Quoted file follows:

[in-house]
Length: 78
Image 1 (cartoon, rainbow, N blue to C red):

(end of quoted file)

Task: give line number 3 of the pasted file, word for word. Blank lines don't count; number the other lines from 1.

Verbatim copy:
Image 1 (cartoon, rainbow, N blue to C red):